The Democratic ticket of Ned Lamont and Susan Bysiewicz doesn’t exactly overwhelm on the candidate charisma scale. Take away Ned’s wealth and what do you have? The last time SuBy ran statewide she got clobbered by Chris Murphy. They’re only running because higher-profile pols stayed out of it. They’re being challenged August 14 by two candidates, Joe Ganim and Eva Bermudez Zimmerman who although not running as a team possess some flourish on the campaign trail. They will fill the first two spots on Line B.
Ganim’s baggage is well documented, but his retail skills set him apart from other gubernatorial candidates. Eva, 31, engineers enthusiasm as a late entry into the lieutenant governor’s race, backed by political advocates tired of top-of-ticket retreads. Many political operatives say the August 14 Democratic primary will not be a simple top line vote for endorsed candidates, especially in urban areas where Ganim and Eva expect to run strongest. Candidate charisma is addressed in an article by Hearst reporter Kaitlyn Krasselt.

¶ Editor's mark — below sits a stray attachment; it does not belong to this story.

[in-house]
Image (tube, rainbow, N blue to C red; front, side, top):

“She’s (Bysiewicz) not the backslapper or the kind of charismatic politician that most people are looking for,” said Jonathan Wharton, an expert in identity politics at Southern Connecticut State University.
… Wharton said the charisma problem is bigger than Bysiewicz. It’s a Connecticut trend.
“Of course, one could also make the same argument for Ned Lamont … really any of the candidates for governor,” he said. “One could argue Joe Ganim is the only one that offers any kind of enthusiasm and charisma … It’s tough to find someone who has that connectability in Connecticut. We’re the land of steady habits. How many times has Mark Boughton been elected? So you have to wonder, is that something that’s beyond Susan Bysiewicz. I would argue it’s a pattern. I don’t think she’s an anomaly.”
Full story here.